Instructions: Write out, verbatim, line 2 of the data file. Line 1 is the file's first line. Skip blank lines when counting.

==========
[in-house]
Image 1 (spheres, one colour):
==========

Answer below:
Image 1 (spheres, one colour):